Wales Bill - Committee (2nd Day)

Part of the debate – in the House of Lords at 4:15 pm on 7th November 2016.

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Photo of Lord Kinnock Lord Kinnock Labour 4:15 pm, 7th November 2016

I say to the noble Lord, Lord Wigley, who I respect greatly, that it would be—without oversimplifying this—on the same basis as borrowings are undertaken now. He will know of the generous and immensely useful support given to a variety of projects in Wales by the European Investment Bank. Nobody has required the allocation of tax-varying or tax-raising powers to the Welsh Assembly to enable that support. Since there is also a guaranteed income for the Welsh Assembly—inadequate and stunted by the application of the Barnett formula, as he and I would agree—but nevertheless significant, as he and I would agree, nobody lending money for major capital investment projects in Wales, within reasonable limits and according to the required fiscal disciplines, should worry about it because they will be guaranteed a return on their investment. It is not necessary to add to the obligations of the Welsh Assembly to facilitate that—within limited confines, as I say. I will give him an example, which I will pluck out of the air.

If, for instance, a sensible proposal was made for establishing a link between Rhoose international airport and the main train line from London to Swansea, I would certainly support it, or, indeed a spur road from the M4 or even a direct road from the A48 into Rhoose airport in order to enhance the attractiveness of this major infrastructure advantage, substantially, and rightly, supported by the Welsh Government. There is no reason why a guarantee of return on the investment should not be made by the imposition of a small toll on the road or the railway line. It is not unprecedented across continental Europe. If we want to know how successful such arrangements can be, the noble Lord only has to look that the second Severn crossing. A huge capital sum, vastly in excess of anything that would be needed to link Rhoose airport, has been paid off with in, in my view, excessive and unfair impositions—I am speaking of the degree, not the principle. The same thing could be done elsewhere. I am not advocating it; I am simply saying that there is a variety of ways of guaranteeing a reasonable return on long-term capital investment without requiring the allocation of fund raising through income tax-raising powers for the Welsh Assembly.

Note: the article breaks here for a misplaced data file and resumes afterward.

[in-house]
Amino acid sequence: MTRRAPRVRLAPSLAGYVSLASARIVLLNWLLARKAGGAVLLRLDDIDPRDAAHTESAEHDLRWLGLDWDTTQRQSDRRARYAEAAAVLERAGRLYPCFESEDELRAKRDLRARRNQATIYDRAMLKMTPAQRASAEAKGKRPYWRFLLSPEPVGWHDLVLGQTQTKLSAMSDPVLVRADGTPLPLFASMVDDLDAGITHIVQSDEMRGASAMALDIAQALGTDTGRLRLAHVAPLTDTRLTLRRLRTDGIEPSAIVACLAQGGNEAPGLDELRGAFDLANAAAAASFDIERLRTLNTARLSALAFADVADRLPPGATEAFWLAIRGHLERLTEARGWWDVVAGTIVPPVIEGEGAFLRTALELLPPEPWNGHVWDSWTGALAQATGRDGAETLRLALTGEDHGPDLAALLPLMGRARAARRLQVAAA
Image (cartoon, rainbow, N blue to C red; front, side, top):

If this removal of a requirement for a referendum is to have a real justification, it has to have evident support from people across Wales. They have expressed no significant demand for, or preference for, the further allocation of such a power to the Welsh Assembly. The maxim employed earlier by the noble Lord, Lord Wigley, which was coined by a Welshman at the time of the American Revolution, “No taxation without representation”, bears an addition in this century. It is: “No further allocated powers of taxation without at least consultation, without at least deliberation, without at least endorsement and, finally, without at least agreement”. That brings us back to the referendum because where there is an absence of demand for this change in the way in which the people of Wales are governed, there has to be a supreme additional justification for allocating a power that is not only not demanded but that we have every reason to assume would not be exercised, a power that would not lend itself to extra accountability or enhance transparency or enrich democracy. I wait to hear from the Minister a justification of the dismantling of the undertakings previously given by all parties and enacted for a referendum as a prerequisite of the allocation of income tax-raising powers to the Welsh Assembly.